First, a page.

Washington A black hole in the U.S. commitment to transform the Greater Middle East hovers over Iran. An attentive newspaper reader can describe the goals that President Bush and Condoleezza Rice, his national security adviser, have in mind with respect to Iraq, Palestine and the Arab political order. On Iran, the jury of two is still out.
That is not a bad place for them to be. Iran's volatile internal politics -- and the strategic changes created by U.S. troops camping on Iran's borders and new international pressure on Tehran to give up its nuclear weapons program -- make planning ahead and staying flexible prudent.
There is no doubt about Bush's assessment of the nature of the ayatollahs' regime. His "axis of evil" designation in January 2002 made that clear. But he has noticeably failed to take up the suggestions of some U.S. hawks that the ayatollahs are about to fall and need only a little push, or that Iran should automatically be "next" on a pre-emption list.
Bush went out of his way in his last news conference to endorse the recent diplomatic initiative by France, Germany and Britain that got Iranian agreement to more intrusive inspections and to halt reprocessing fissionable material usable for bombs. That diplomatic high road is not the path a president looking for a chance to bash the ayatollahs militarily would take.
As it has with North Korea, the administration has "multilateralized" the drive to contain Iran's nuclear ambitions. And behind the scenes, the United States has exerted heavy pressure on Pakistan to halt its clandestine nuclear cooperation with Iran and, with less success, tried to halt Russia's scheduled nuclear fuel shipments to Iran.
There is a refreshing lack of certainty at senior levels of this often absolutist administration about Iran. Rice is said to have recently scrawled a plaintive query on a memo to an associate asking why American policy-makers have had such a consistent record of guessing wrong on Iran.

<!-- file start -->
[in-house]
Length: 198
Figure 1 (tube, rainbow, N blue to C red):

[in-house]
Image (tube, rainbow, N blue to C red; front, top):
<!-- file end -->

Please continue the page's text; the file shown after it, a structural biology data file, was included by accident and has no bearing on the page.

Good question. Iran has been in constant ferment for half a century. Movement toward a more open and/or secular society is constantly checked by the ayatollahs, only to resume again. One of the world's most ancient nations is infuriatingly postmodern and enigmatic in its politics.
But now that Rice is spearheading the president's most ambitious foreign policy initiative -- the political transformation of the Greater Middle East and, indirectly, the Muslim world -- Iran cannot for long be left as a blank to be filled in later. Events, especially in Iraq, are dragging the Persians and the Americans toward either new accommodation or bitter and dangerous conflict.
Geography and religion give Iran inordinate interest in and influence over Iraq, which Tehran has chosen to exercise quietly and slowly since the coalition invasion. Bush's earlier threatening words toward Iran and his bold action in Iraq have shaped a new strategic landscape that the ayatollahs also approach warily.
Instead of urging their co-religionists in Iraq's Shiite majority to oppose the occupation and support the insurgency, the Iranians have kept a low profile. "They are building up their presence and their influence in low-key ways. They play for the future. They want us to fail in Iraq. But they want us to fail slowly," says one senior U.S. official.
Iraq's appointed leaders have been careful to keep Iran informed and indirectly engaged in the nascent political process that is under way in their occupied country. Their actions suggest that a liberated and stable Iraq could serve as a bridge between Washington and Tehran.
Ahmed Chalabi, head of the Iraqi National Congress, recently visited Tehran and had a widely publicized meeting with President Mohammad Khatami. Kurdish leader Jalal Talabani is a frequent visitor to Iran. The current president of the Iraq's Governing Council, Abdul Aziz Hakim, is a Shiite cleric who is close to the senior hard-liners in the Iranian regime.
So it did not go unnoticed in Washington last week when Hakim and Talabani went to Paris and were effusively welcomed by Foreign Minister Dominique de Villepin. Iran is the only available counterweight in the Greater Middle East if France and Russia decide to challenge the now-dominant American position in Iraq and Saudi Arabia. Iran could be a bridge of a different kind for them if the current Bush effort to mend fences in Paris and Moscow falls short.
American success -- or American failure -- in Iraq leads inevitably to a greatly changed U.S. relationship with Iran. It is time to be asking, as Condi Rice is, how Washington can get it right this time.
Jim Hoagland is a columnist for Washington Post Writers Group.